Is Variable Frame Rate Better than High Frame Rate for 3D?
In the 24 frames-per-second vs. High Frame Rate (HFR) discussion, both sides have very good and well documented arguments. But Production company FlyFilm (Poland) thought that maybe there is a compromise to be made between that beloved 24 fps film look and lack of jittery motion that you can only get in higher frame rates?
To find out, they did a test and combined standard and high frame rate footage in one shot. They shoot 3D test footage in high frame rate (50fps in our case) and then get rid of every other frame to create 25fps chunks of action in a single 50fps file. You can see the results in the 50 fps video file downloadable here under (SteroscopicPlayer needed) and decide for yourself if FlyFilm managed to create a comfortable viewing experience and image that looks both smooth and cinematic. The test is extensively described here under by its authors, Piotr Kalkowski and Andrzej Stopa from FlyFilm.
Stereoscopic Viewing and Increased Vision Symptoms
"Stereoscopic Viewing and Reported Perceived Immersion and Symptoms" is a paper published today in the "Optometry & Vision Science" journal (July 2012 Issue).
Conclusion 1: Stereoscopic 3D viewing provides greater immersion, but it can also lead to heightened visual and motion sickness symptoms.
Conclusion 2: If you are visually perturbed when watching 3D movies, take a seat on the last row.
Stereoscopic 3D displays heighten perceived immersion but also increase viewing symptoms for some viewers. The recently published study measured prevalence and magnitude of perceived immersion and viewing symptoms in stereoscopic viewing, and their relation to viewer's characteristics and viewing position.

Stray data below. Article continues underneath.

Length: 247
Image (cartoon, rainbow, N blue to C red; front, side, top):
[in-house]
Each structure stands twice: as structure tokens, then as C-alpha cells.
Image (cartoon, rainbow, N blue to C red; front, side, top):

"Cloudy with a Chance of Meatballs" was watched by 203 teens and adults in 2D or stereoscopic 3D while sitting at different angles and distances. Their prior viewing symptoms, as well as visual and physical discomfort immediately before and after viewing, were measured with questionnaires. They were also asked to report their perceived immersion feeling after the viewing.
Among the participants, 12% (after 2D vision) and 21% (after stereoscopic 3D vision) reported increases of measured symptoms during or after viewing; stereoscopic 3D viewing incurred greater and more frequent perception of blurred vision, double vision, dizziness, disorientation, and nausea than 2D viewing.
The symptoms were thus observed 75% more often just after a 3D viewing than after a 2D one. Would results be the same with another movie???
Are you stereo blind?
Is your stereovision OK or not? Here under is a simple online test in the form of a black circle you have to focus on and a few lines of text explaining what happens (or should happen).... Have your friends pass the test and learn who is stereoblind among them!
According to several recent studies, between 6 and 12% of the world population are stereoblind. But don't worry too much if you are, there are plenty of depth cues in the world that help you appreciate the depth and distance of objects. And you may as well spare a few bucks when going to the movies...
3D "Dwell Time" explained
Clyde de Sousa from Realvision just published a nice paper explaining why and how 3D is better than 2D and about the special ingredient that contributes to compelling 3D movies… “Dwell Time”.